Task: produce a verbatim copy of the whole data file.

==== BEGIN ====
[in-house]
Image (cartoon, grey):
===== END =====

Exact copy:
[in-house]
Image (cartoon, grey):